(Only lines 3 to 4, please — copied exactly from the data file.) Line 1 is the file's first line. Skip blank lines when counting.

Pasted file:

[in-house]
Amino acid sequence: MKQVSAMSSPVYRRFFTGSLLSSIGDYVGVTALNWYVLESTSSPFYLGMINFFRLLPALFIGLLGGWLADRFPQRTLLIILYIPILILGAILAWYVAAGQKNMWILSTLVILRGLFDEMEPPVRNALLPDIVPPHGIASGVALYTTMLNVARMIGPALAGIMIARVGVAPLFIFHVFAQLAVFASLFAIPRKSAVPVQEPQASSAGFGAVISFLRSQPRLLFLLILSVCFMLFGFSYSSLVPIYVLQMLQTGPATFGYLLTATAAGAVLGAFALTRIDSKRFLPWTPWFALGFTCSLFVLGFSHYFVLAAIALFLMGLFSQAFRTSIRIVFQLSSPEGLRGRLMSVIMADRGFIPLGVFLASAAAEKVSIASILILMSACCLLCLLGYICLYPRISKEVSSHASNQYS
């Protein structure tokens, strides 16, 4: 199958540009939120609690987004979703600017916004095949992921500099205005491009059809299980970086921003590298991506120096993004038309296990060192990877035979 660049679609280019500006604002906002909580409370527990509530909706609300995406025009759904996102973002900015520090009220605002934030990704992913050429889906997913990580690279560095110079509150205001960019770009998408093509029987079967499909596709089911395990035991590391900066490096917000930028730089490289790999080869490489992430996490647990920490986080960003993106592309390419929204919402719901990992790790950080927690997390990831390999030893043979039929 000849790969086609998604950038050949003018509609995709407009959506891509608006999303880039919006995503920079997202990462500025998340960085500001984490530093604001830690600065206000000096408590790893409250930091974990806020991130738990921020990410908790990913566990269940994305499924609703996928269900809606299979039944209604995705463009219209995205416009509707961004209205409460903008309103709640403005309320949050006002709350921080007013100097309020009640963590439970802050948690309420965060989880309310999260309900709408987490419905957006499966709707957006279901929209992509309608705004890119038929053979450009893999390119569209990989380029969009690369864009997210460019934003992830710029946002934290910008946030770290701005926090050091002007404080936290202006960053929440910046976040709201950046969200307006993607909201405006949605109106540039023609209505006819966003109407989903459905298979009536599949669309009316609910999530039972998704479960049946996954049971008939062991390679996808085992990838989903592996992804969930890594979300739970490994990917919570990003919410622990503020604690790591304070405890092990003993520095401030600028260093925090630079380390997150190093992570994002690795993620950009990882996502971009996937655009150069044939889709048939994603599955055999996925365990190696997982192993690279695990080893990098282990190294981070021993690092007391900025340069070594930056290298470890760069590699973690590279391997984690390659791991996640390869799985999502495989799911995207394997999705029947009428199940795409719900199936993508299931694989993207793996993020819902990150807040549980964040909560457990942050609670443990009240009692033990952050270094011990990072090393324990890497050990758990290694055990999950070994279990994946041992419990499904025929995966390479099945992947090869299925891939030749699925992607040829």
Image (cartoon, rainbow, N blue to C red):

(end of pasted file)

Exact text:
């Protein structure tokens, strides 16, 4: 199958540009939120609690987004979703600017916004095949992921500099205005491009059809299980970086921003590298991506120096993004038309296990060192990877035979 660049679609280019500006604002906002909580409370527990509530909706609300995406025009759904996102973002900015520090009220605002934030990704992913050429889906997913990580690279560095110079509150205001960019770009998408093509029987079967499909596709089911395990035991590391900066490096917000930028730089490289790999080869490489992430996490647990920490986080960003993106592309390419929204919402719901990992790790950080927690997390990831390999030893043979039929 000849790969086609998604950038050949003018509609995709407009959506891509608006999303880039919006995503920079997202990462500025998340960085500001984490530093604001830690600065206000000096408590790893409250930091974990806020991130738990921020990410908790990913566990269940994305499924609703996928269900809606299979039944209604995705463009219209995205416009509707961004209205409460903008309103709640403005309320949050006002709350921080007013100097309020009640963590439970802050948690309420965060989880309310999260309900709408987490419905957006499966709707957006279901929209992509309608705004890119038929053979450009893999390119569209990989380029969009690369864009997210460019934003992830710029946002934290910008946030770290701005926090050091002007404080936290202006960053929440910046976040709201950046969200307006993607909201405006949605109106540039023609209505006819966003109407989903459905298979009536599949669309009316609910999530039972998704479960049946996954049971008939062991390679996808085992990838989903592996992804969930890594979300739970490994990917919570990003919410622990503020604690790591304070405890092990003993520095401030600028260093925090630079380390997150190093992570994002690795993620950009990882996502971009996937655009150069044939889709048939994603599955055999996925365990190696997982192993690279695990080893990098282990190294981070021993690092007391900025340069070594930056290298470890760069590699973690590279391997984690390659791991996640390869799985999502495989799911995207394997999705029947009428199940795409719900199936993508299931694989993207793996993020819902990150807040549980964040909560457990942050609670443990009240009692033990952050270094011990990072090393324990890497050990758990290694055990999950070994279990994946041992419990499904025929995966390479099945992947090869299925891939030749699925992607040829």
Image (cartoon, rainbow, N blue to C red):